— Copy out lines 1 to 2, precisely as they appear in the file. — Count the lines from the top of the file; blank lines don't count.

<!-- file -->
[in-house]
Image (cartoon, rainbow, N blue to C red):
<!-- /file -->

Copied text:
[in-house]
Image (cartoon, rainbow, N blue to C red):